Zöllner, Johann C. F. (1834–1882)
Professor of physics and astronomy at the University of
Leipzig, remembered most for his speculative work, The Nature
of the Comets, which attracted the attention of the intellectual
world in view of the many original ideas he advanced. He also
engaged in psychical research beginning with an investigation
of the phenomena of the medium Henry Slade. His subsequent
book, Transcendental Physics (1880), rendered his name
famous in the annals of psychical research and subjected him
to persecution, contempt, and ridicule from the scientific fraternity.
He is considered a somewhat naive investigator unable
to detect the fraud perpetuated on him by a series of physical
mediums.
His experiments began in December 1877. He was assisted
by William Edward Weber, a professor of physics; W. Scheibner,
a professor of mathematics; and Gustave Theodore Fechner,
a professor of physics who, to quote Zöllner’s words, became
‘‘perfectly convinced of the reality of the observed facts,
altogether excluding imposture or prestidigation.’’ Professor
Fichte, of Stuttgart, and Professor Ulrici, of Halle, also endorsed
the experiments that were further supported by an affidavit
of Bellachine, the conjurer at the court of Berlin.
The evidential value of the investigation was somewhat
weakened by Zöllner’s insistence on the theory of fourth dimension
as an explanation. Of the theory itself, the astronomer
G. V. Schiaparelli wrote in a letter to Camille Flammarion
‘‘It is the most ingenious and probable that can be imagined.
According to this theory, mediumistic phenomena would lose
their mystic or mystifying character and would pass into the domain
of ordinary physics and physiology. They would lead to
a very considerable extension of the sciences, an extension such
that their author would deserve to be placed side by side with
Galileo and Newton. Unfortunately, these experiments of Zöllner
were made with a medium of poor reputation.’’
Zöllner, after his sittings with Slade, had further interesting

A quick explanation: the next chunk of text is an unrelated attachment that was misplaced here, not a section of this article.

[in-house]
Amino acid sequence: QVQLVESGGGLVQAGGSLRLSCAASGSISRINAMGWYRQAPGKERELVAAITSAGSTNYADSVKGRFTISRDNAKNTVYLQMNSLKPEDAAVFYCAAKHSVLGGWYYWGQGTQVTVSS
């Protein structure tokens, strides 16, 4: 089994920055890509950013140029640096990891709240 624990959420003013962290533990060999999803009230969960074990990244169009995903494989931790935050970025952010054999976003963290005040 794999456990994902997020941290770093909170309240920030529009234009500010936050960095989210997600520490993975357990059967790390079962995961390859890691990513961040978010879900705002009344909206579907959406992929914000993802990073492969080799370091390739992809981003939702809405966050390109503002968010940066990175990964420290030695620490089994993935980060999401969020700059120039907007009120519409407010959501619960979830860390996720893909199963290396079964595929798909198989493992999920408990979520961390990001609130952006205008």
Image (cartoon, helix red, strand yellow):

experiences with Elizabeth d’Esperance. In March 1880,
Baron von Hoffmann engaged the medium William Eglinton
to give twenty-five sittings to Zöllner. He was very satisfied with
the result and intended to write another book on his experiences.
He died before he could do it.
The report of the skeptical Seybert Commission quoted testimonies
from Scheibner, Fechner, and some others that Zöll
ner, at the time of his experiments, was of unsound mind. As
he filled his chair up to the moment of his sudden death, this
charge cannot be seriously supported. In his book Birth and
Death as a Change of Form of Perception (1886), Baron Lazar De
Baczolay Hellenbach wrote that Zöllner ‘‘was in his last days
deeply wounded and embittered by the treatment of his colleagues,
whose assaults he took too much to heart. Zöllner,
however, was in perfect possession of his intellect till his last
breath.’’
When the report of the Seybert Commission was made public,
anti-Spiritualists, like popular atheist writer Joseph McCabe,
seized upon the remarks about Zöllner and wrote of him
as ‘‘elderly and purblind.’’ Dr. Isaac Kauffmann Funk, the
New York publisher and psychical investigator, wrote to Leipzig
and received from Dr. Karl Bücher, the Rector Magnificus
of the University of Leipzig, a letter, dated November 7, 1903,
that ‘‘information received from Zöllner’s colleagues states that
during his entire studies at the university here, until his death,
he was of sound mind; moreover, in the best of health. The
cause of his death was a hemorrhage of the brain on the morning
of April 26, 1882, while he was at breakfast with his mother,
and from which he died shortly after.’’
Sources:
Berger, Arthur S., and Joyce Berger. The Encyclopedia of
Parapsychology and Psychical Research. New York: Paragon
House, 1991.
Inglis, Brian. The Paranormal: An Encyclopedia of Psychic Phenomena.
London: Granada, 1985.
Zöllner, Johann C. F. Transcendental Physics. Trans. C. C.
Massey. London: W. H. Harrison, 1882.

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